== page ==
US 7903862 B2
A method for detecting geometrical structures in images, especially in images of chemical and/or biological samples, such as images of cells, the method comprising the following steps: detecting a boundary line of the image object; defining at least one sector inside the image, the origin (pk) of which lies on the boundary line; transforming the image section defined by the sector into a transformation space by means of a transformation that associates signatures in the transformation space with respective geometrical structures in the image section; determining the presence of at least one signature inside the transformation space; and retransforming the signatures from the transformation space into the sector for the representation of the geometrical structure.
1. A method for detecting geometrical structures in images, especially in images of chemical and/or biological samples, such as images of cells, said method comprising the following steps:
detecting a boundary line of the image object;
defining at least one sector inside the image, the origin (pk) of which lies on the boundary line;
transforming the image section defined by the sector into a transformation space by means of a transformation that associates signatures in the transformation space with respective geometrical structures in the image section;
determining the presence of at least one signature inside the transformation space; and
retransforming said signatures from the transformation space into the sector for the representation of the geometrical structure, wherein said geometrical structures are linear structures, and wherein the transformation associates a signature in the transformation space in particular to such linear structures present in the image section that pass substantially through the origin of the sector or whose linear projection substantially passes through the origin of the sector.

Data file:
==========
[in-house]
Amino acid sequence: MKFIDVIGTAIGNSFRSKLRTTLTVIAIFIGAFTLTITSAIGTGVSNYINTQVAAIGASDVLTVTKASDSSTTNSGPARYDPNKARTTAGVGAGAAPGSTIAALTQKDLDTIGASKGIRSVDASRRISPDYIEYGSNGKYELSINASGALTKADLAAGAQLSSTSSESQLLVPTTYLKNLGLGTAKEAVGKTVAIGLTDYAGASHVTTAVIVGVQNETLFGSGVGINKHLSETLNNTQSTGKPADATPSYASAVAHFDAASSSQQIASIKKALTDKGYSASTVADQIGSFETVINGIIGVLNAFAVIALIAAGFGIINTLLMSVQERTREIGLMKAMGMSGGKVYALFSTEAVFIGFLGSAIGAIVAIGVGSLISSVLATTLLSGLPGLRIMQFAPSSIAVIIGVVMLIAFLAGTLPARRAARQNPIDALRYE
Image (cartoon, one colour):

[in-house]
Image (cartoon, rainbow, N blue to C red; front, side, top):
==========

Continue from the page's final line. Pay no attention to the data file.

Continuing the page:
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1. Field of the Invention
The present disclosure refers to a method for detecting geometrical structures in images, in particular in images of chemical and/or biological samples, such as images of cells. Specifically, the present disclosure refers to a method for detecting cell traces.
2. Discussion of the Background Art
Cell traces are understood as straight objects originating from the borders of cells. They vary in width and length and include varying angles with the cell surface. This phenomenon is described in detail in ZIMMERMANN, H., E. RICHTER, C. REICHLE, L WESTPHAL, P. GEGGIER, U. REHN, S. ROGASCHEWSKI, W. BLEISS and G. R. FUHR: Mammalian Cell Traces-Morphology, Molecular Composition, Artificial Guidance and Biotechnological Relevance as a New Type of “Bionanotube”, Appl. Phys. A., May 2001.
For a detection of linear objects in image analysis, the linear Hough transformation has prevailed. It is described in LEAVERS, V. F.: Which Hough Transform. CVGIP: Image Understanding, 58(2):250-264, 1993. Here, the image is transformed from a real space into a Hough space whose dimensions are defined by line parameters. The problem of line detection is thus transformed into a problem of filtering maximum values from a transformed. The method in turn is a special case of general Hough transformation as described, for example, in U.S. Pat. No. 3,069,654.
Starting from the original linear transformation, various improvements were proposed.
Generally, a global transformation of an image is not useful, since the lines to be detected often appear only in a part of the image; as soon as coarser structures (e.g. large surfaces) are present in other parts of the image, the lines can no longer be unambiguously identified from the transformed.
For example, US 2002/0012466 A1 describes one possibility of restricting the real space to be transformed. Herein, a user is frequently given the opportunity during the analysis to manually limit the region. The process is ended interactively, as soon as the quality of the transform meets with the demands of the user.
Despite a locally limited treatment of the real space, maxima may be produced in the transformed space that correspond to no object actually present in the real space. This phenomenon occurs, for example, if the intensities “incidentally” detected during the transformation of a point are higher than those actually associated with the object (“correlated noise”, Leavers, see above).